God, no Jacob Wrestling for bookclub I promise. Just the sort of book I'm not willing to tackle these days.
I thought the dad was too indulged by everyone, and locking him up was probably a good antidote to that. But then who knows what happened in prison? Perhaps he did have a terrible time there and ended up permenently damaged. I wondered again whether it mgiht be slightly autobiographical - when he says that if the desire to write goes away completely then he might go insane, I thought Dodie may have had those feelings.
According to my copy of the book it was plays she was famous for. And that she was unsure of how the story should end - it hadn't in the way she expected. Which I tend to agree with - I didn't see Rose and Neil together (but i may just be slow on the up-take....)
She was famous as a playwright, this book was her first novel and she wrote five more. This one is considered her best novel. I sound like a know-it-all but that's because I have the intro to the book in front of me!
There's a very good biography which I read last year. Before she had a successful play she worked at Heals, where she met her husband whom she was with for years & years. They didn't have children, just dogs. (The husband came across as a bit gay TBH but he wasn't apparently) But she was massively successful as a playwright before the war.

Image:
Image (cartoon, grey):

i think Cassandra did seem the one who was the most in control of things - life, desires, surroundings. but perhaps that was because she was the narrator. Or perhaps it's a clue to the fact that she does marry Simon, and therefore the castle becomes hers for ever...
Sorry I'm gatecrashing this thread, as I read the book a couple of years ago, and haven't read it recently, but...
IIRC, near the beginning of the book, Cassandra uses the word capture, as in describing a scene, capturing in words what is happening. So I think I capture the castle may be to represent that the castle is the setting for the book, and Cassandra is trying to capture in words what was happening, and her feelings about it. But I may have that totally wrong!
ooh, not quiet after all. I've turned off the taps and come back,
Psychobabble, I think you've got it. Its all economics really isn't it, despite the romance. They are all struggling against poverty and trying to keep up appearances.
SoMuchToBits, I think we're right too. There are many parts of the book where C is struggling to put her feelings/the beauty of something into words, and that pleasure you get when you do articulate clearly..